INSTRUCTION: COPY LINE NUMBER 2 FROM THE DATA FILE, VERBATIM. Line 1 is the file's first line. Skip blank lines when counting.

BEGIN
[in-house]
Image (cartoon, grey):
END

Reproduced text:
Image (cartoon, grey):